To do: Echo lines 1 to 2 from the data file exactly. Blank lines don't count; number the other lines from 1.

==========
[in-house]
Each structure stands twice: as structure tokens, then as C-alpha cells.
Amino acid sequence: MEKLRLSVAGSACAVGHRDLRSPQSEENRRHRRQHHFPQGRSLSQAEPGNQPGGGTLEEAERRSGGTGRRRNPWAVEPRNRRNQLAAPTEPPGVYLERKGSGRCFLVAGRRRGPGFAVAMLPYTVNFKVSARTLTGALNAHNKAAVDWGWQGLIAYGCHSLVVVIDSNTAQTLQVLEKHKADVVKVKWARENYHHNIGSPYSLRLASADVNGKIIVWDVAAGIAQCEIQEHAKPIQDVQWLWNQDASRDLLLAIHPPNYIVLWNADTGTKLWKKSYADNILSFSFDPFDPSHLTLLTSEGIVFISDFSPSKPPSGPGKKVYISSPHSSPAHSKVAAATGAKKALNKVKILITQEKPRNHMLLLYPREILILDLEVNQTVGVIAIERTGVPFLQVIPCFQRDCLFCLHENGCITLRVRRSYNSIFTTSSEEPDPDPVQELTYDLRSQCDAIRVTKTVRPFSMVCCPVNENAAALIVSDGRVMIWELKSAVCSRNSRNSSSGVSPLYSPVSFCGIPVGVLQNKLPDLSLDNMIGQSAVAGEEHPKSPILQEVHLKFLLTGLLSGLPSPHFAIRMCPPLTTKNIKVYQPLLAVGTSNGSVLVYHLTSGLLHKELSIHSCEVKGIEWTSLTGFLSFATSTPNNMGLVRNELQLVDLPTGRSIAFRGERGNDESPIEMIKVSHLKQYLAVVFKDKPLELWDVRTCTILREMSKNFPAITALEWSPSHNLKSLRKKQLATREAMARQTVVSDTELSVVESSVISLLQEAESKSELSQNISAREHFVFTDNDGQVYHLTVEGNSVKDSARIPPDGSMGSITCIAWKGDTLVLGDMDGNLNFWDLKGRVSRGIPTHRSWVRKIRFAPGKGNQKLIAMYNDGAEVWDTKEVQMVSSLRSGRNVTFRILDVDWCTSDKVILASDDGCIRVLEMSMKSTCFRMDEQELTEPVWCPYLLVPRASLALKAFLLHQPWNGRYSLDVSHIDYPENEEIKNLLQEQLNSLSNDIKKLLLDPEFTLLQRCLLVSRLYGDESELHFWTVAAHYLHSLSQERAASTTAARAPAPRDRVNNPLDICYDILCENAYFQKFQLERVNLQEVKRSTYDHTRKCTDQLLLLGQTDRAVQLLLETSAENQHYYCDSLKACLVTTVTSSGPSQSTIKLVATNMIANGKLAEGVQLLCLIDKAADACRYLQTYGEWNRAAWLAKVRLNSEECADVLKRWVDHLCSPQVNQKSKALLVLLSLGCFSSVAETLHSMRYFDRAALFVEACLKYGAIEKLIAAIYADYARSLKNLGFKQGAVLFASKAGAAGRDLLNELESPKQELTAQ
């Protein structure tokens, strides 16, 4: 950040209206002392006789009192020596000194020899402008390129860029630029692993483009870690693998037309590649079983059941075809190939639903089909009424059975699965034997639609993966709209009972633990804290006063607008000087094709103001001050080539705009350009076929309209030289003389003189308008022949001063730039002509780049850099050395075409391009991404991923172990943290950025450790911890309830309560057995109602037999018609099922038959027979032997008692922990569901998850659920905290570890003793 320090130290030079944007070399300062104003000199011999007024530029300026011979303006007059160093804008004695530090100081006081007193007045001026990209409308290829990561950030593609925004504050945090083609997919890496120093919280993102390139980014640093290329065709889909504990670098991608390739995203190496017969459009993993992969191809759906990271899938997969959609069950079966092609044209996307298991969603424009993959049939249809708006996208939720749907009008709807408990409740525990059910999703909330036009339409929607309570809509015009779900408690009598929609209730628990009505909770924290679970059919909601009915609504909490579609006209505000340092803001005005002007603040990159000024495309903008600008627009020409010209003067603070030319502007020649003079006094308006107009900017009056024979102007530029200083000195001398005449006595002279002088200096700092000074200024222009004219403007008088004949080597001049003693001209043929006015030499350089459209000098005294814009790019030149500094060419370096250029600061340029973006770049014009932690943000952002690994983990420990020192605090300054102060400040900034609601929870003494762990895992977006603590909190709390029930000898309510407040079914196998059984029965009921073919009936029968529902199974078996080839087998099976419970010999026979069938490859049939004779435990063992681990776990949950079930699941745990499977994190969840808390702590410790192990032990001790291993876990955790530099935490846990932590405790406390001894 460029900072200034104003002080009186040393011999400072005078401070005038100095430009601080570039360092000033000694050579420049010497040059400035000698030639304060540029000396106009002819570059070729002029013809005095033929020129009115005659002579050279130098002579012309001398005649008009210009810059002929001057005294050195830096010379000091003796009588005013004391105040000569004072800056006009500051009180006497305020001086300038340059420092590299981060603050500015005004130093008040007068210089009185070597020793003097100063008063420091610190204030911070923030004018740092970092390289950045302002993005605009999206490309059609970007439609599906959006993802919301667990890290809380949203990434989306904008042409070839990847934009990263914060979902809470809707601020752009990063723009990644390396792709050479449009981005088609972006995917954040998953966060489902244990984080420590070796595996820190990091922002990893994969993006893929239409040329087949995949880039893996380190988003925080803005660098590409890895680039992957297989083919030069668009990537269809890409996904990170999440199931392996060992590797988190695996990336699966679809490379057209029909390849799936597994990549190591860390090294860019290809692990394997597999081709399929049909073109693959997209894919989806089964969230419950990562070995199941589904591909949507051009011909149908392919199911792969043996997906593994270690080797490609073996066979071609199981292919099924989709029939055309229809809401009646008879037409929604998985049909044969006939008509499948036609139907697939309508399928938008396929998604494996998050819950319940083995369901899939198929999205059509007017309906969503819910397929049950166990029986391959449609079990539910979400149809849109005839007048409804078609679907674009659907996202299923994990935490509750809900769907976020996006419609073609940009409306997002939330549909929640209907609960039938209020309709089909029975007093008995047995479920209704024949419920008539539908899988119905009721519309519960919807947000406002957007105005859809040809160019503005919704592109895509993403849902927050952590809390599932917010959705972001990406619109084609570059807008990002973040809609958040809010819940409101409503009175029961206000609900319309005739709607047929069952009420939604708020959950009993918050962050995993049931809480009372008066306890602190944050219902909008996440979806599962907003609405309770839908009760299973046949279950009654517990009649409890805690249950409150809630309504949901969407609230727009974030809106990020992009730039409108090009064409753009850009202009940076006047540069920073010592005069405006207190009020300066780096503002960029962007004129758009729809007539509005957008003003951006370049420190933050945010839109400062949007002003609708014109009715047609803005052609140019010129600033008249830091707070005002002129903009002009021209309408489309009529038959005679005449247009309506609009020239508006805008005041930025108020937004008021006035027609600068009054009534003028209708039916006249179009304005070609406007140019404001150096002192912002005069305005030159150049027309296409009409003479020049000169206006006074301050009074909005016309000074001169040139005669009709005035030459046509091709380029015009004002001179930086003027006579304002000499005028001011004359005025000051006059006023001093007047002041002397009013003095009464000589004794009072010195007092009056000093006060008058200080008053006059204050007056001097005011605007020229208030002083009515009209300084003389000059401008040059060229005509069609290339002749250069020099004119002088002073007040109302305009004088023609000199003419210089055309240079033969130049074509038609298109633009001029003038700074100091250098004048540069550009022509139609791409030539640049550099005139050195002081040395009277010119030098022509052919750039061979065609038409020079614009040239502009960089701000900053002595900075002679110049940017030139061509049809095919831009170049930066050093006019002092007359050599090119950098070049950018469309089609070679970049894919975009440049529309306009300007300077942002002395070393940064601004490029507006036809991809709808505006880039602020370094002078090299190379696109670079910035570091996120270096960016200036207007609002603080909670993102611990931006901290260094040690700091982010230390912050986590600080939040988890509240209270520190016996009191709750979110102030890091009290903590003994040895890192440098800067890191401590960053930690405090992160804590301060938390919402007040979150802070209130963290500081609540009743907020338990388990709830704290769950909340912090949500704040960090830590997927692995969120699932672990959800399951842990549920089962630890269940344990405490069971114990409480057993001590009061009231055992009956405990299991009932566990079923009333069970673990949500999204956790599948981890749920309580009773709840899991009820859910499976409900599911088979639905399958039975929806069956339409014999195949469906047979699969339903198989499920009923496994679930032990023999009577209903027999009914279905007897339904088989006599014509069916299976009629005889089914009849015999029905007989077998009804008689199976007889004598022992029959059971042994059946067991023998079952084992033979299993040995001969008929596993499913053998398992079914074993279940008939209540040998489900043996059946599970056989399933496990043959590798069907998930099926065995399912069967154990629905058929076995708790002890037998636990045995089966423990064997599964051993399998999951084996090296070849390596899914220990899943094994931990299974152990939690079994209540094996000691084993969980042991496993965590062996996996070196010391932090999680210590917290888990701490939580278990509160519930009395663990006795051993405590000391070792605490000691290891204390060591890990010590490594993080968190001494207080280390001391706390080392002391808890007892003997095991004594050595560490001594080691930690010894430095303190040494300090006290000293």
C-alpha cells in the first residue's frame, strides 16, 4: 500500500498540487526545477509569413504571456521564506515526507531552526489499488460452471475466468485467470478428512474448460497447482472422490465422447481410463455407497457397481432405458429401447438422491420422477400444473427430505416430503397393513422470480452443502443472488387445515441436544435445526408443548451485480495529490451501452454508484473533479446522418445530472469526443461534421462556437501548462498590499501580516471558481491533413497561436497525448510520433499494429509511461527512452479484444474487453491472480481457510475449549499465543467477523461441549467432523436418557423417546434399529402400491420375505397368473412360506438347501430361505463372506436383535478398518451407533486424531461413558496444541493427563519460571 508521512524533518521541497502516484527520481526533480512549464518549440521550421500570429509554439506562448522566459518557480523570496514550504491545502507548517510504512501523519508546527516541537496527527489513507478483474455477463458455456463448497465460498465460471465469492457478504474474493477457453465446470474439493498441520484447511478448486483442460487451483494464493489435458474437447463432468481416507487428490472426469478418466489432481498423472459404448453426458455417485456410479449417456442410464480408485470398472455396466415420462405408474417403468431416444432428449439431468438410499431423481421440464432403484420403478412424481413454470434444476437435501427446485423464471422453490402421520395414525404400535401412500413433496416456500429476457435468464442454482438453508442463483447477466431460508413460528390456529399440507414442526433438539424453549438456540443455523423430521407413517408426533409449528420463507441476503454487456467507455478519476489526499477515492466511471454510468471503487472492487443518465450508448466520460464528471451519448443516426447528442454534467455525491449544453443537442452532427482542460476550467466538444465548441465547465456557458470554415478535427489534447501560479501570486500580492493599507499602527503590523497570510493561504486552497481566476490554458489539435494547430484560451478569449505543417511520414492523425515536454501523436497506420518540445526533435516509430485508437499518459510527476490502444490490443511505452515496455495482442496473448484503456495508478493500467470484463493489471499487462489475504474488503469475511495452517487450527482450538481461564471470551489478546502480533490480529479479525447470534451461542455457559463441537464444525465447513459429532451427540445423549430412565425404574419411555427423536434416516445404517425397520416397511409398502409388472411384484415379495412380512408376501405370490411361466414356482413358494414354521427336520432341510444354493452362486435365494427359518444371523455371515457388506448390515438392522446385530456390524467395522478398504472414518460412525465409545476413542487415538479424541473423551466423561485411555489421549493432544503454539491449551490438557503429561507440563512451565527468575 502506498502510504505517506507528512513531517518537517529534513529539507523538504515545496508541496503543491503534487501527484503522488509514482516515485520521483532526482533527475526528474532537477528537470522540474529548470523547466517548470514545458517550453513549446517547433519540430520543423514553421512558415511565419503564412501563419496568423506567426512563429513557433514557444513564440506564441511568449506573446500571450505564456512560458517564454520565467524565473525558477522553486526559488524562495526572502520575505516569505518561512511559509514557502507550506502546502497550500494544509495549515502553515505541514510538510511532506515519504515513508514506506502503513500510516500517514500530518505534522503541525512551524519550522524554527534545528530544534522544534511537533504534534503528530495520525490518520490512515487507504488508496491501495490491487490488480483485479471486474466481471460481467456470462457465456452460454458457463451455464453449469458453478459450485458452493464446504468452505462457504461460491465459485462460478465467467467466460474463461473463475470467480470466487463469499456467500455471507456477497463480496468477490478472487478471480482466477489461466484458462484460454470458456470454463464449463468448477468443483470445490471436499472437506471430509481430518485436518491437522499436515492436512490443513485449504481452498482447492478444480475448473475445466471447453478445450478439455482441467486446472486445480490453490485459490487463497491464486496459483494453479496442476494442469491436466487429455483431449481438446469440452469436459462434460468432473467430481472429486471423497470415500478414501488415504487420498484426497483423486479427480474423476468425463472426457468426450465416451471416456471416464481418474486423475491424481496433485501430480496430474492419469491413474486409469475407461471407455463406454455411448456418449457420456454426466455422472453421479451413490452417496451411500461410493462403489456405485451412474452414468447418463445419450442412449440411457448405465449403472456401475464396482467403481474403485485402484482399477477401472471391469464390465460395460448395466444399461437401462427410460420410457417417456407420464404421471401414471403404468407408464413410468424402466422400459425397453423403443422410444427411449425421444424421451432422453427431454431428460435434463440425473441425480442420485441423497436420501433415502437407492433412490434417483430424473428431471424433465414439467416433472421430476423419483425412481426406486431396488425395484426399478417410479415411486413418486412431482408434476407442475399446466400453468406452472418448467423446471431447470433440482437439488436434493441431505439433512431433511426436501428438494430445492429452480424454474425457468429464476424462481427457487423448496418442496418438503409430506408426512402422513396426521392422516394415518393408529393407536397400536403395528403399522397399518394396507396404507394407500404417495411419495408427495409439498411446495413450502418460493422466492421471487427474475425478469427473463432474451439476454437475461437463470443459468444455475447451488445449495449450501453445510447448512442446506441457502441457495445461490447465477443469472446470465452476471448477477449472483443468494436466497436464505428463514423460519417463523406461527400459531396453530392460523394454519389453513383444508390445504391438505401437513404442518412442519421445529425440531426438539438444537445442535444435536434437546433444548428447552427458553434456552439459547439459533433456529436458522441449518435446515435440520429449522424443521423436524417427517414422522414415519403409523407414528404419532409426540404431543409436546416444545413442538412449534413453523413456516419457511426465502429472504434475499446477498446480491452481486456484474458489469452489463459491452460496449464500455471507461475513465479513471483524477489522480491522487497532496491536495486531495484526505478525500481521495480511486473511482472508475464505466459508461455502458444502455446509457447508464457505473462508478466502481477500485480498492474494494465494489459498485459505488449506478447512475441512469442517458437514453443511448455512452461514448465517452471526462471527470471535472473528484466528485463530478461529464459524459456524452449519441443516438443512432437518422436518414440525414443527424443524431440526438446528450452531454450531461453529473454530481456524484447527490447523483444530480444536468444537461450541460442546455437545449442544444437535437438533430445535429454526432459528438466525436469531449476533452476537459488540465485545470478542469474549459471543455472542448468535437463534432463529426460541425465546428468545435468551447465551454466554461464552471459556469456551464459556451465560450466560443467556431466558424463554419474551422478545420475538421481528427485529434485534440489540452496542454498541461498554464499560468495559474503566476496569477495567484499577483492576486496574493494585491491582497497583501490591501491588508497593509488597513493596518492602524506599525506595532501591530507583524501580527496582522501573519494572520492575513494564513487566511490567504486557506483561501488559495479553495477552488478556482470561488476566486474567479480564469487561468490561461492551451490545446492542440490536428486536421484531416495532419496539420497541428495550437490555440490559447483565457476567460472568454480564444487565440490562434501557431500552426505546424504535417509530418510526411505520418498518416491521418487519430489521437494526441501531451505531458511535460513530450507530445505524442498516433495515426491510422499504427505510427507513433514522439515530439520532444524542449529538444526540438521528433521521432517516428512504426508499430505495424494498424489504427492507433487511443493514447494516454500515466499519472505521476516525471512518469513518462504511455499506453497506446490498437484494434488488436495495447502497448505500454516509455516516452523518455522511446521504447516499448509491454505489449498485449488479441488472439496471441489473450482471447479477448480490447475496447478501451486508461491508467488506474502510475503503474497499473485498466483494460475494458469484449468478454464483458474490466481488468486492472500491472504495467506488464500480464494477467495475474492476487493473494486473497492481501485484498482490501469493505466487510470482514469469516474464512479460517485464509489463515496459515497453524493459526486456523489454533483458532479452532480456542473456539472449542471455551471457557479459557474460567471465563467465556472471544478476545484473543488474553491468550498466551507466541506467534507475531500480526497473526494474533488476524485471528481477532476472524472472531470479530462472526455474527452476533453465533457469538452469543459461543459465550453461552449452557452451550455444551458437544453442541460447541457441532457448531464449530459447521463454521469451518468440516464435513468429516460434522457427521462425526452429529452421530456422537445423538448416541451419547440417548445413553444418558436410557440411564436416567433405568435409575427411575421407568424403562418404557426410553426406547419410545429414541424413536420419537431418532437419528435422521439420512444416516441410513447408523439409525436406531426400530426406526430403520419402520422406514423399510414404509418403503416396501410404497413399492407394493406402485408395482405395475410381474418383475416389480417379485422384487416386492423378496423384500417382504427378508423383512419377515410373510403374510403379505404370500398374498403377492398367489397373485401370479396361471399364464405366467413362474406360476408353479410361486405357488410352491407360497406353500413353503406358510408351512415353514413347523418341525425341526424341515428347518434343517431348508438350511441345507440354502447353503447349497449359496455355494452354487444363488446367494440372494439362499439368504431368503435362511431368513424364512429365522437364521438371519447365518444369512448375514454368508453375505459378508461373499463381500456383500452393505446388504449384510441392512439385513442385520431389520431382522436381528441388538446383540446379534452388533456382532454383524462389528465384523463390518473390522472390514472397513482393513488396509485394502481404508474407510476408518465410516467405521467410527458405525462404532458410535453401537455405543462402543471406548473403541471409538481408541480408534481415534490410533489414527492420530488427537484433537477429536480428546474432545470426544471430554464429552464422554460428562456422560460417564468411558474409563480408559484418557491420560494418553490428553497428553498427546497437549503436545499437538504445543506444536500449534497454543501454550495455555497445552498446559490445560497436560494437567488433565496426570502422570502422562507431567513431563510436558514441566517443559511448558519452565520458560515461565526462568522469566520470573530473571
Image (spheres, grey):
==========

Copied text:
[in-house]
Each structure stands twice: as structure tokens, then as C-alpha cells.